Only 19% of Eligible Seniors Use California’s SNAP Food Stamp Benefit – Here’s Why It Matters
California has, historically, had issues spreading the word and increasing the adoption of CalFresh, the local name for the federally funded, state-administered Supplemental Nutrition Assistance Program.
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Dating back to 2018, NPR wrote a story detailing why California is one of the lowest ranking states for SNAP, formerly called food stamps, benefits participation. At the time, Kim McCoy Wade, chief of the CalFresh branch of California’s Department of Social Services, called the underutilization of the program a “persistent puzzle.”
In 2022, the lack of SNAP adoption is especially affecting California seniors. Only 19% of eligible seniors use the program, according to GoldRushCam.com. Overall, the U.S. Department of Agriculture estimated that only 70% of eligible California residents take advantage of SNAP benefits, compared to the national average of 82%. This number hasn’t changed compared to 2018 figures, in spite of efforts by the state to increase the program’s adoption rates.
In 2011, the state declared May CalFresh Awareness Month and has since provided flyers, instructions, newsletters, social media assets, and other outreach campaigns to share the importance of SNAP benefits with low-income California residents.
Research by the University of California Cooperative Extension in San Luis Obispo in March 2022 discovered that most SNAP applicants in the state hear about CalFresh through a friend or relative, non-profit agency or a college or university.
The Health Benefits of SNAP Participation for California Seniors
SNAP participation, GoldRushCam.com reports, reduces healthcare costs for the state’s residents as a whole. SNAP has been shown to reduce food insecurity. Food insecurity has been associated with a poor diet, which can lead to chronic — and costly — preventable health conditions such as obesity, diabetes, high blood pressure and heart disease.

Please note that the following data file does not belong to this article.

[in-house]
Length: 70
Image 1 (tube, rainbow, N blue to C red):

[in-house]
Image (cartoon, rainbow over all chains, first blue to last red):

For older adults living at or below poverty level, participation in SNAP can reduce hospital and nursing home admissions, lowering overall health care costs for the state. SNAP participation, a study published by the American Public Health Association shows, also reduces the likelihood that older adults will skip their medications due to a lack of income. That could mean fewer doctor’s office visits and less stress.
Additional Benefits of SNAP Participation
Increased SNAP participation is not just good for those eligible to receive the benefits. It also benefits the state’s economy as a whole, including farmers, co-ops, and local businesses. Studies show that, for every dollar spent on CalFresh, the state experiences $1.50 worth of economic activity.
When nutrition incentive programs like Market Match are factored into the equation, that positive impact jumps to $3, putting money directly back into the local economy while making fresh produce more affordable to all residents. Market Match is a program that matches CalFresh and WIC benefits dollar-for-dollar at 240 farm-direct sites across 40 California counties.
Increased CalFresh Benefits Coming to Eligible Residents
GoldRushCam.com estimates that Californians are missing out on tens of millions of dollars that could benefit California’s low-income seniors and families who could benefit from affordable, healthy, fresh food, and small businesses that would benefit from the infusion of money.
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Plus, this month, eligible California residents will receive additional CalFresh benefits through the federal Emergency Allotment program. The additional funds will be added to recipients’ EBT cards as early as June 11, according to icaliforniafoodstamps.com.
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